There has been much debate as to whether subjective criteria or objective criteria should be used to determine the outcome of a trial of bronchodilator treatment. There is relatively little correlation between symptoms and lung function in individual cases of COPD . It is also possible that some patients may have physiological benefits such as reduced residual volume or reduced gas trapping that may not be detected by simple lung function tests . Therefore, it is reasonable to aim at maximal symptom relief rather than maximum lung function as the main objective of bronchodilator therapy in COPD.
Many clinicians find it helpful to monitor FEVi or peak flow improvement during bronchodilator therapy, especially as a large change in FEV1 or PEF may suggest that the diagnosis is asthma rather than COPD. Measurement of exercise capacity such as 6-minute walks, shuttle walks or step tests are helpful in research studies but they are of little value in assessing individual responses to treatment because improvements tend to be small (and variable). The main subjective criteria which are used are the patients' sensation of breathlessness and wheeze and their ability to undertake everyday activities. Patients should be specifically asked about these issues following a trial of bronchodilator therapy.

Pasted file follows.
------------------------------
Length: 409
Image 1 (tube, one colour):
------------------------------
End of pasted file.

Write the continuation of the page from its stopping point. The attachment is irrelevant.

Sophisticated quality-of-life measures such as the St George's Respiratory Questionnaire are useful in trials involving large numbers of patients but they are insensitive (and inconvenient) for use in the management of individual cases. Additional benefits might include enhanced mucus clearance or reduced exacerbation rates. The presence or absence of side-effects is another important factor in determining whether or not to continue an inhaled treatment.
In summary, it is helpful to make objective measurements of lung function but bronchodilator therapy is given for symptomatic relief so most emphasis should be put on subjective benefit (and side-effects) when deciding whether or not to continue an individual bronchodilator agent.
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